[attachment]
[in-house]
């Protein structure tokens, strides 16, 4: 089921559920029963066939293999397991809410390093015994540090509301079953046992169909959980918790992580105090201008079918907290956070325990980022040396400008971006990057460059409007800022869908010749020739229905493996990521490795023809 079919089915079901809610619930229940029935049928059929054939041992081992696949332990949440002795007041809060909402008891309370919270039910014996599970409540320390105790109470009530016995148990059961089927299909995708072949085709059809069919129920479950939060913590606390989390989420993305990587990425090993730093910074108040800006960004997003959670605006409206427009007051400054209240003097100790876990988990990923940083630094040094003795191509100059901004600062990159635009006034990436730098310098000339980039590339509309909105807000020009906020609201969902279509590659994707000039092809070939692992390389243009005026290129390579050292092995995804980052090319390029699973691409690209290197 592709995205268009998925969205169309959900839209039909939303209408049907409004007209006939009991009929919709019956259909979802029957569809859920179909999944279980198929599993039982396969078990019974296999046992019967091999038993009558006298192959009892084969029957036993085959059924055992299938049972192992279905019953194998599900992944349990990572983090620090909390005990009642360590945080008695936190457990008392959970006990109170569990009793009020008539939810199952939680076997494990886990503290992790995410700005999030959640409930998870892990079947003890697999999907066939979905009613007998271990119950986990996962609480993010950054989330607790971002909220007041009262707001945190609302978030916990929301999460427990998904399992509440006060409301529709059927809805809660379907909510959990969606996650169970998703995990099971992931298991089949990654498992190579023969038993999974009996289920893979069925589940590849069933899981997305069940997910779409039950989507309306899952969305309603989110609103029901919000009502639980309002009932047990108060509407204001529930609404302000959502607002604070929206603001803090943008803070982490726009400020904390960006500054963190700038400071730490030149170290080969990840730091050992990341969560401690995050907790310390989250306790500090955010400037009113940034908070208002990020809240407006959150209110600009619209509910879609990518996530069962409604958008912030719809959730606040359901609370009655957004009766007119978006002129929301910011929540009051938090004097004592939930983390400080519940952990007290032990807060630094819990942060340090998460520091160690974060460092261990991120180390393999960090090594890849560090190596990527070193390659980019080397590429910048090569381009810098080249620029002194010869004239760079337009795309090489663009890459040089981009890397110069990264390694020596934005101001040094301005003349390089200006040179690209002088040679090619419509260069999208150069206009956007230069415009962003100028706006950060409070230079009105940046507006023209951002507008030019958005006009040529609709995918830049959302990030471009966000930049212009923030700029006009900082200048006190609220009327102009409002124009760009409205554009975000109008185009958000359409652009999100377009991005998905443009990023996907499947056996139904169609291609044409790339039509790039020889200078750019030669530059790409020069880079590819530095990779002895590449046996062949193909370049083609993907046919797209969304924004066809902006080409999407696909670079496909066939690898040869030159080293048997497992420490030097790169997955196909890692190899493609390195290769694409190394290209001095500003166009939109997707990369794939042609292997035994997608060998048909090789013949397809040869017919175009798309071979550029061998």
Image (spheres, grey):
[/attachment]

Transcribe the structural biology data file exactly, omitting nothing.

[in-house]
């Protein structure tokens, strides 16, 4: 089921559920029963066939293999397991809410390093015994540090509301079953046992169909959980918790992580105090201008079918907290956070325990980022040396400008971006990057460059409007800022869908010749020739229905493996990521490795023809 079919089915079901809610619930229940029935049928059929054939041992081992696949332990949440002795007041809060909402008891309370919270039910014996599970409540320390105790109470009530016995148990059961089927299909995708072949085709059809069919129920479950939060913590606390989390989420993305990587990425090993730093910074108040800006960004997003959670605006409206427009007051400054209240003097100790876990988990990923940083630094040094003795191509100059901004600062990159635009006034990436730098310098000339980039590339509309909105807000020009906020609201969902279509590659994707000039092809070939692992390389243009005026290129390579050292092995995804980052090319390029699973691409690209290197 592709995205268009998925969205169309959900839209039909939303209408049907409004007209006939009991009929919709019956259909979802029957569809859920179909999944279980198929599993039982396969078990019974296999046992019967091999038993009558006298192959009892084969029957036993085959059924055992299938049972192992279905019953194998599900992944349990990572983090620090909390005990009642360590945080008695936190457990008392959970006990109170569990009793009020008539939810199952939680076997494990886990503290992790995410700005999030959640409930998870892990079947003890697999999907066939979905009613007998271990119950986990996962609480993010950054989330607790971002909220007041009262707001945190609302978030916990929301999460427990998904399992509440006060409301529709059927809805809660379907909510959990969606996650169970998703995990099971992931298991089949990654498992190579023969038993999974009996289920893979069925589940590849069933899981997305069940997910779409039950989507309306899952969305309603989110609103029901919000009502639980309002009932047990108060509407204001529930609404302000959502607002604070929206603001803090943008803070982490726009400020904390960006500054963190700038400071730490030149170290080969990840730091050992990341969560401690995050907790310390989250306790500090955010400037009113940034908070208002990020809240407006959150209110600009619209509910879609990518996530069962409604958008912030719809959730606040359901609370009655957004009766007119978006002129929301910011929540009051938090004097004592939930983390400080519940952990007290032990807060630094819990942060340090998460520091160690974060460092261990991120180390393999960090090594890849560090190596990527070193390659980019080397590429910048090569381009810098080249620029002194010869004239760079337009795309090489663009890459040089981009890397110069990264390694020596934005101001040094301005003349390089200006040179690209002088040679090619419509260069999208150069206009956007230069415009962003100028706006950060409070230079009105940046507006023209951002507008030019958005006009040529609709995918830049959302990030471009966000930049212009923030700029006009900082200048006190609220009327102009409002124009760009409205554009975000109008185009958000359409652009999100377009991005998905443009990023996907499947056996139904169609291609044409790339039509790039020889200078750019030669530059790409020069880079590819530095990779002895590449046996062949193909370049083609993907046919797209969304924004066809902006080409999407696909670079496909066939690898040869030159080293048997497992420490030097790169997955196909890692190899493609390195290769694409190394290209001095500003166009939109997707990369794939042609292997035994997608060998048909090789013949397809040869017919175009798309071979550029061998």
Image (spheres, grey):